4. PRACTICAL APPLICATIONS
4.1 Type 1 situation
CAR does not require prior-authorisation for activities that category 1 or category 2 responders reasonably need to take to protect people, property or the environment from an imminent risk of serious harm.
"Category 1 and 2 responders" comprise a wide range of public bodies and utility providers with responsibilities during emergencies. These include the fire and rescue services, local authorities, airport operators, harbour authorities and Scottish Water. The full list of responders is set out in the Civil Contingencies Act 2004.
Where a responder needs to take action involving controlled activities to deal with an imminent risk, it must take all practicable steps to prevent deterioration of the water environment. To be effective, such steps need to be incorporated into the responder's normal operating procedures. For example, the fire and rescue services are expected to operate in line with the legislation and guidance set out in the following:
- Fire (Scotland) Act 2005
- The Fire (Additional Function) (Scotland) Order 2005
- Fire and Rescue Manual Volume 2 - Environmental Protection 2008
The Fire and Rescue Manual sets out in some detail the practical steps the fire and rescue services should take to minimise environmental harm.
Responders are also expected to continue to contact SEPA (itself a category 1 responder) at an early stage to ensure that the incident response team can take appropriate account of the potential impacts on the water environment.
4.2 Type 2 situation
Once the immediate danger to human life or the environment has passed it may be necessary in certain circumstances to then take action to make the area safe, restore essential services, etc. Such action may be undertaken by category 1 or 2 responders, other responsible bodies or their appointed contractors.
In those Type 2 situations in which when response time is limited, we expect authorisation from SEPA to be provided for by means of a simple, pro-forma authorisation, or, if needs be, verbally. In many cases, a pro-forma authorisation is likely to be based on standard conditions, however SEPA will be able to undertake such on-the-spot assessments and impose such site-specific conditions as it considers reasonably practicable in the circumstances. Accordingly, risks to the water environment will be taken into account as far as possible without compromising the ability to deal with the aftermath of the emergency in an effective and timely manner.
4.3 Type 3 situation
Type 3 emergency situations typically develop over a longer period of time than type 1 and 2 situations and the initial emergency response is focused on trying to prevent the situation from escalating. This also means that there is more time to consider how best to manage risks to the water environment and its users. Such emergencies include extended periods of no or limited rainfall that pose a serious threat to water supplies and outbreaks of animal or plant diseases.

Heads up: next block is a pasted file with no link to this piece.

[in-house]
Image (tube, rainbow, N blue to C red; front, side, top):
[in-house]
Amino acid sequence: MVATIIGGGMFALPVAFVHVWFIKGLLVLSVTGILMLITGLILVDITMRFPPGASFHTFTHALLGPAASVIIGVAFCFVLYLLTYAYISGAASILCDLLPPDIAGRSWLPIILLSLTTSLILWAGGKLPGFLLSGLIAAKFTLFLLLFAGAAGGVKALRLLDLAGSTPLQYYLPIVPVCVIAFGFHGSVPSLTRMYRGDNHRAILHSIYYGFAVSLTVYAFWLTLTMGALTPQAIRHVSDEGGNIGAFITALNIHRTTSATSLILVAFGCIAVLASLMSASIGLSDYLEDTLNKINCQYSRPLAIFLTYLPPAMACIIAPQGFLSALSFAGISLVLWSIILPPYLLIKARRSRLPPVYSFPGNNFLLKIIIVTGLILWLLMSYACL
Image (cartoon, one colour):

We expect appropriate contingency plans to be prepared in advance of these emergency situations and the relevant responsible authorities to coordinate the production of these in consultation with SEPA. The plans should set out the different types of action that will be taken to deal with the developing emergency and how risks to the water environment in relation to those actions involving controlled activities will be minimised as far as reasonably practicable. Consultation with all relevant parties whose interests could be significantly affected will be a key step in developing the plans.
Where, in a type 3 emergency, effective management of the situation requires a more prompt regulatory response than the normal CAR process allows, SEPA will be able to utilise CAR's accelerated determination procedures to temporarily authorise, vary or suspend controlled activities. Where such accelerated determinations are necessary, the normal CAR advertisement and consultation procedures will not be required. However, we expect the responsible persons to carry out such direct consultation with those parties whose interests could be significantly affected as is reasonably practicable before action is taken.
Where a proposed action or set of actions is expected to be controversial, Ministers may issue a direction to SEPA, setting out how SEPA should use its powers to help deal with the emergency situation. Before issuing a direction, Ministers must take account of the emergency management plan; advice from SEPA and the lead body responsible for managing the emergency situation; and responses to any consultations with interested parties.
A number of emergency situations where these procedures may be applicable are described in Annex 1.